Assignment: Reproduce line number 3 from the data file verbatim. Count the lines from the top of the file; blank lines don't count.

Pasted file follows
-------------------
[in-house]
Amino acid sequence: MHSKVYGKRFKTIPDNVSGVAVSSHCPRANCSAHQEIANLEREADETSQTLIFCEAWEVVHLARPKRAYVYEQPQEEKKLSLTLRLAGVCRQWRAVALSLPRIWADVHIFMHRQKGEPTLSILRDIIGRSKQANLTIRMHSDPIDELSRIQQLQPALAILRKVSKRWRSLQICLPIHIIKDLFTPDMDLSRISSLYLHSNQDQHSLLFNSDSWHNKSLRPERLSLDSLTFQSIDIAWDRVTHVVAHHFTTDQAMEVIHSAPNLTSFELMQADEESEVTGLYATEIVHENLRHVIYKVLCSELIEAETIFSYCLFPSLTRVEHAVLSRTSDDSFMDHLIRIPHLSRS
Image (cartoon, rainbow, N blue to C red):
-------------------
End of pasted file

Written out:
Image (cartoon, rainbow, N blue to C red):